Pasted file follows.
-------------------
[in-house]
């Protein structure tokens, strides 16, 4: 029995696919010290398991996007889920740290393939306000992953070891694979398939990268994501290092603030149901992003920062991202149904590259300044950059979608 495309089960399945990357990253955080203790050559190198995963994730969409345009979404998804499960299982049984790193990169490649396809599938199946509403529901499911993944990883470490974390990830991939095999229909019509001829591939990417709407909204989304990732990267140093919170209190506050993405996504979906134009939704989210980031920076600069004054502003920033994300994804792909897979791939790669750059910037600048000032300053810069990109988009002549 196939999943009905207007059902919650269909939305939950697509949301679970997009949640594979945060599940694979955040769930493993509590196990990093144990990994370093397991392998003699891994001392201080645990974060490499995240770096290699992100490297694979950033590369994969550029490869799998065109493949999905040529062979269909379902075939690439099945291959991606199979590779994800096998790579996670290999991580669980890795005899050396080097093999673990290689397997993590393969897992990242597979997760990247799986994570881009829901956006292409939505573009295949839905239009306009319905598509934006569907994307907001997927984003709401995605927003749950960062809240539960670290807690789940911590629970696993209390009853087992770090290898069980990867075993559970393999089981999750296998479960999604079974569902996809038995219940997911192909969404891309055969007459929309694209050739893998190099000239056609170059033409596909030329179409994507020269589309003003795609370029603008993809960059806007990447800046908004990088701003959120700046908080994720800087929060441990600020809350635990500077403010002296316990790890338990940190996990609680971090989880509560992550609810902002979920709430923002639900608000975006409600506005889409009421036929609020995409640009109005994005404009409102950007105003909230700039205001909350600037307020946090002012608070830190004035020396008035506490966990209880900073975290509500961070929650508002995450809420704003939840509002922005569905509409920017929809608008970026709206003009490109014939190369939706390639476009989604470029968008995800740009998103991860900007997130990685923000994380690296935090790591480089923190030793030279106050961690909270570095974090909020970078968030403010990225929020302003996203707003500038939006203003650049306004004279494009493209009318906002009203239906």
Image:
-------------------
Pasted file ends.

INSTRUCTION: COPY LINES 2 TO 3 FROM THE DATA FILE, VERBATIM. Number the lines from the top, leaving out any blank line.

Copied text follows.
């Protein structure tokens, strides 16, 4: 029995696919010290398991996007889920740290393939306000992953070891694979398939990268994501290092603030149901992003920062991202149904590259300044950059979608 495309089960399945990357990253955080203790050559190198995963994730969409345009979404998804499960299982049984790193990169490649396809599938199946509403529901499911993944990883470490974390990830991939095999229909019509001829591939990417709407909204989304990732990267140093919170209190506050993405996504979906134009939704989210980031920076600069004054502003920033994300994804792909897979791939790669750059910037600048000032300053810069990109988009002549 196939999943009905207007059902919650269909939305939950697509949301679970997009949640594979945060599940694979955040769930493993509590196990990093144990990994370093397991392998003699891994001392201080645990974060490499995240770096290699992100490297694979950033590369994969550029490869799998065109493949999905040529062979269909379902075939690439099945291959991606199979590779994800096998790579996670290999991580669980890795005899050396080097093999673990290689397997993590393969897992990242597979997760990247799986994570881009829901956006292409939505573009295949839905239009306009319905598509934006569907994307907001997927984003709401995605927003749950960062809240539960670290807690789940911590629970696993209390009853087992770090290898069980990867075993559970393999089981999750296998479960999604079974569902996809038995219940997911192909969404891309055969007459929309694209050739893998190099000239056609170059033409596909030329179409994507020269589309003003795609370029603008993809960059806007990447800046908004990088701003959120700046908080994720800087929060441990600020809350635990500077403010002296316990790890338990940190996990609680971090989880509560992550609810902002979920709430923002639900608000975006409600506005889409009421036929609020995409640009109005994005404009409102950007105003909230700039205001909350600037307020946090002012608070830190004035020396008035506490966990209880900073975290509500961070929650508002995450809420704003939840509002922005569905509409920017929809608008970026709206003009490109014939190369939706390639476009989604470029968008995800740009998103991860900007997130990685923000994380690296935090790591480089923190030793030279106050961690909270570095974090909020970078968030403010990225929020302003996203707003500038939006203003650049306004004279494009493209009318906002009203239906």
Image: